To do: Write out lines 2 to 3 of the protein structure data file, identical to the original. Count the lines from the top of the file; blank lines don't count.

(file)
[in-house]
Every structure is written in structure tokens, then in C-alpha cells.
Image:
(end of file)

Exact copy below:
Every structure is written in structure tokens, then in C-alpha cells.
Image: